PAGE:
6. Jan 9, 2008 #6

    Scot Clark

    Scot Clark

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    Hi:

    It's single phase. At home useage.
     
  7. Jan 10, 2008 #7

    ToolGuy

    ToolGuy

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    imho, 10 awg and 30 amp breaker is the way to go. Since you're not getting any advice, other than hire an electrician, I thought I should throw in my diy advice. My reasoning is that a 20 amp motor will probably pull a little more amperage when it first kicks in. I'm assuming it's a dedicate circuit. It should be.

    In other words... Yeah, I'd do what you're doing. ;)
     
  8. Jan 10, 2008 #8

    Scot Clark

    Scot Clark

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    Thanks ToolGuy.
     
  9. Jan 10, 2008 #9

    kok328

    kok328

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    Can you post a pic of the nameplate?
    What guage wires do you have coming out of the motor and what guage wires are coming from the safety switch?
    I suspect the two blue wires are a motor overload reset button. The green wire is typically a ground but, the are usually bolted to the motor housing, not ran internally. I also find it hard to believe that if this is an entire setup from the same mfg. that they would have you splicing wires. You should have been provided connectors for that purpose.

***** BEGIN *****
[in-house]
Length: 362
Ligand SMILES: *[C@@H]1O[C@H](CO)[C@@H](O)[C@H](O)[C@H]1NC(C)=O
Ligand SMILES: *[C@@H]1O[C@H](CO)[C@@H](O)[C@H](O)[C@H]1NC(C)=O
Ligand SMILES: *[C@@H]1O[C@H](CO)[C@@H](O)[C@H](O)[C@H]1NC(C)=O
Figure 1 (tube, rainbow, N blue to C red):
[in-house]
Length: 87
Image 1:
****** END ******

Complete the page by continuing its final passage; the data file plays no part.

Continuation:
10. Jan 11, 2008 #10

    Scot Clark

    Scot Clark

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    Hi :

    Thanks for all the suggestions.
    I got a responce from the mfg.
    They said use the tan conncted to motor body as gruond.
    Run the power to each terminal , one to L2 and one to L3.
     
  11. Jan 12, 2008 #11

    ToolGuy

    ToolGuy

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    Glad we could provide a lift. Haa haaa :D

    Sorry, couldn't resist. :)
     
  12. Jan 12, 2008 #12

    travelover

    travelover

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    Glad we didn't let you down. :)
     
  13. Jan 19, 2008 #13

    trader12

    trader12

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    If u'r not suggest,.,.,.
    I would like to suggest you to have a look at Harding steels lifts; I had a quite good time using their lifts. You can look out for Garage Parking Lift As you have mentioned your requirement is for a small garage. ItÂ’s very important for you to take and consider before buying a lift that it should be in the dimensions suited to your garage.
    Hope this helps!!
     
  14. Jan 19, 2008 #14

    trader12

    trader12

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    Hope this site will help you,.,.
     
  15. Jan 19, 2008 #15

    ToolGuy

    ToolGuy

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    He already has the lift, just needed info on how to wire it properly. But I took a look at that site and that's pretty impressive. I always thought of car lifts as just for mechanics. Almost makes me want to start a car colleciotn! :D